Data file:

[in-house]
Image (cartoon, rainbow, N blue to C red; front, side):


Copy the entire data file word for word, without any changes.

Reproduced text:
[in-house]
Image (cartoon, rainbow, N blue to C red; front, side):